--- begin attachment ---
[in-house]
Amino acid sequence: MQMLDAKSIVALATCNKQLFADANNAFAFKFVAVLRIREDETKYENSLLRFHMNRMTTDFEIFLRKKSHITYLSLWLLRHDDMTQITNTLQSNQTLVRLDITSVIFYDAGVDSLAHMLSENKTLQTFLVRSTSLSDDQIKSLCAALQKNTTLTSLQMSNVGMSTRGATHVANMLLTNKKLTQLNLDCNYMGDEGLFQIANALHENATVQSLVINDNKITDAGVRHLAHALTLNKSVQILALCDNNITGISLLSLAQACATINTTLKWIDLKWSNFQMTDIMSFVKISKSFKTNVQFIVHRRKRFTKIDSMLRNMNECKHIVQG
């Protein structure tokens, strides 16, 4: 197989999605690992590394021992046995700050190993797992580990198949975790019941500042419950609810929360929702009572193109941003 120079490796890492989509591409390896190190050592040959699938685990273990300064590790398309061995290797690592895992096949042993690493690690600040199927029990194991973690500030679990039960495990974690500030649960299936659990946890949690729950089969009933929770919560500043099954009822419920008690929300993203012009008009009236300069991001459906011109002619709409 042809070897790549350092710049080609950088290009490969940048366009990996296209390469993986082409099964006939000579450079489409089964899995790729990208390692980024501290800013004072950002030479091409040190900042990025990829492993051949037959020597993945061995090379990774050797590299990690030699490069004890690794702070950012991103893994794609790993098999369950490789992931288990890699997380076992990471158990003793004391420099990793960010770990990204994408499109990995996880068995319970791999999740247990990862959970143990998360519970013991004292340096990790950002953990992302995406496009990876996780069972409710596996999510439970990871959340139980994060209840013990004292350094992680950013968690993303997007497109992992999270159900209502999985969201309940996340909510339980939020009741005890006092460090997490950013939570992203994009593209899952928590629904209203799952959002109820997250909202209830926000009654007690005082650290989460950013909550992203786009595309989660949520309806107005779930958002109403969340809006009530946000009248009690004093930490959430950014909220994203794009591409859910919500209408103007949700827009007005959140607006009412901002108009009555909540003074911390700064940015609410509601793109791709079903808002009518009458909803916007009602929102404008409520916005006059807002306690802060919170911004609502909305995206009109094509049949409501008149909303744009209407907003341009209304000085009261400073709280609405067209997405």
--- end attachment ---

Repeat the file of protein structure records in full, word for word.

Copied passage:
[in-house]
Amino acid sequence: MQMLDAKSIVALATCNKQLFADANNAFAFKFVAVLRIREDETKYENSLLRFHMNRMTTDFEIFLRKKSHITYLSLWLLRHDDMTQITNTLQSNQTLVRLDITSVIFYDAGVDSLAHMLSENKTLQTFLVRSTSLSDDQIKSLCAALQKNTTLTSLQMSNVGMSTRGATHVANMLLTNKKLTQLNLDCNYMGDEGLFQIANALHENATVQSLVINDNKITDAGVRHLAHALTLNKSVQILALCDNNITGISLLSLAQACATINTTLKWIDLKWSNFQMTDIMSFVKISKSFKTNVQFIVHRRKRFTKIDSMLRNMNECKHIVQG
């Protein structure tokens, strides 16, 4: 197989999605690992590394021992046995700050190993797992580990198949975790019941500042419950609810929360929702009572193109941003 120079490796890492989509591409390896190190050592040959699938685990273990300064590790398309061995290797690592895992096949042993690493690690600040199927029990194991973690500030679990039960495990974690500030649960299936659990946890949690729950089969009933929770919560500043099954009822419920008690929300993203012009008009009236300069991001459906011109002619709409 042809070897790549350092710049080609950088290009490969940048366009990996296209390469993986082409099964006939000579450079489409089964899995790729990208390692980024501290800013004072950002030479091409040190900042990025990829492993051949037959020597993945061995090379990774050797590299990690030699490069004890690794702070950012991103893994794609790993098999369950490789992931288990890699997380076992990471158990003793004391420099990793960010770990990204994408499109990995996880068995319970791999999740247990990862959970143990998360519970013991004292340096990790950002953990992302995406496009990876996780069972409710596996999510439970990871959340139980994060209840013990004292350094992680950013968690993303997007497109992992999270159900209502999985969201309940996340909510339980939020009741005890006092460090997490950013939570992203994009593209899952928590629904209203799952959002109820997250909202209830926000009654007690005082650290989460950013909550992203786009595309989660949520309806107005779930958002109403969340809006009530946000009248009690004093930490959430950014909220994203794009591409859910919500209408103007949700827009007005959140607006009412901002108009009555909540003074911390700064940015609410509601793109791709079903808002009518009458909803916007009602929102404008409520916005006059807002306690802060919170911004609502909305995206009109094509049949409501008149909303744009209407907003341009209304000085009261400073709280609405067209997405």